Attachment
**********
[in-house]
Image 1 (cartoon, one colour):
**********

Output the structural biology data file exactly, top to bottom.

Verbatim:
[in-house]
Image 1 (cartoon, one colour):